on April 11, 2005
This is a real glimpse of another era, but one not so intangible as we might think....we can definitely enjoy it, too. Some of the sweetest things in life are the simplest pleasures, and a sniff of our bedsheets after drying in the sun, or drying off with a towel that did the same is a perfect example. Since our olfactory sense is the one most tied to memories, this book would be a great one for those new to housekeeping or new mothers. I can remember running through the sheets on my mother's clothesline, smelling my clean clothes as we brought them in and folded them. I do the same for my family when I have the time, and my 78 year-old mother recently expressed a desire to start hanging out her wash again. So since April 19th (yes, it's a Monday--traditional washday for years and years and years in our country) is National Hang Out Your Wash Day; I got the book for my mom and will pair it with a clothesline and clothespins. It's a wonderful little book, and even has a recipe for lye soap that we used to make as kids. It was pretty gross but those farm women were strong and even though I'll bet it took the skin right off their hands, they used it. We could learn a thing or two from them, I'm sure.
"The simple act of picking clean, wet clothes out of a wicker basket, shaking them out, and hanging them up makes me slow down, giving me time to compose the rest of my day."
Washing machines are great for convenience, but there is a magical quality to hand washing clothes with a delicious essential oil soap (orange or lavender) and hanging them outside to dry. Of course, this means you need a clothesline and a secluded back yard.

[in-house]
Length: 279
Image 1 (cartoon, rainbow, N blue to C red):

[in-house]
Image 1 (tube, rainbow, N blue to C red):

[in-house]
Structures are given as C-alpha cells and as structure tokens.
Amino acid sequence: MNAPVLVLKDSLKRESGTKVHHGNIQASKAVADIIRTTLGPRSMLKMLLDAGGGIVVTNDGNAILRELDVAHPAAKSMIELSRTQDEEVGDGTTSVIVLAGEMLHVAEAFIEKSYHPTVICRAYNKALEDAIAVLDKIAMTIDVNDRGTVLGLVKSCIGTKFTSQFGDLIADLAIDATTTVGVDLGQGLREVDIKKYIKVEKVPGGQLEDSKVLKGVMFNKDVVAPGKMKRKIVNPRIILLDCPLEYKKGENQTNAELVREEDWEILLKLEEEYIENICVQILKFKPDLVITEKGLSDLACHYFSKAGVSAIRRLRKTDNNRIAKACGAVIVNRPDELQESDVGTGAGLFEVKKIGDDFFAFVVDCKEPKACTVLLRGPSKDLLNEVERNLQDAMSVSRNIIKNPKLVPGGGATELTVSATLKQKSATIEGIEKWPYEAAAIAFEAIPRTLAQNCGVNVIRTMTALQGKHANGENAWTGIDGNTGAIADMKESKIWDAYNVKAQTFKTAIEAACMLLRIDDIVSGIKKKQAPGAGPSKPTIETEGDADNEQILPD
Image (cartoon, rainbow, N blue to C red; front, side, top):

As a child we used a soap called Sunlight and washed clothes in a ring washer. I know, I'm too young to know about ring washers, but in Africa that is what we used and we even had a sink with a washboard type surface.
The spinning umbrella clothesline was behind the house with a mountain right behind where animals could easily find their way down to our house. Often while putting up clothes, I'd walk up the steps and scare a baboon who would screech at me for interrupting the stealing of fruit. I'm not sure who scared who more, but clothes definitely ended up thrown about the garden as I ran one way and the baboon ran the other.
Memories of running outside to quickly take down the clothes in the afternoon is also a fun memory. As the rain would start to soak the clothes and sheets, we'd frantically be pulling them off the line, then hanging them inside to dry overnight.
With memories of hanging out clothes on a line, this book becomes even more meaningful. If you have a penchant for lavender ironing water and verbena soap, this will also be a delight.
This unique book has recipes for making your own soap with herbs, describes the variety of clotheslines, shows pictures of many different clothespin bags and explains how to wash linens. How do you make a new clothesline last longer? Why use a naturally scented softener?
Throughout this informative and very practical guide there are also moments of inspiration for designing your own laundry room. The storage of linens with small herbal sachets is followed by recipes and creative ideas. A special section shows how clotheslines found their way into art. Urban clotheslines and country clotheslines are included. Remember clothespin toys? They have pictures of those too.
"I know this sounds funny, but I think of hanging clothes as an almost religious experience." ~Betsy Bennett, artist (Sheets to the Wind II painting)
Now and then I just wish I could take my laundry down to the river and wash it on stones. I have strange notions, but mostly they appeal to my outdoor nature. By washing our clothes inside, we miss out on the feeling of the sun on our skin and the sound of clothes whipping about in the wind. While at my mother's house one day I found two clothespins and decided to keep them. My mother and grandmother always had clotheslines and I remember many happy hours as a child running through the sheets warmed by the sun.
~The Rebecca Review
on May 15, 2004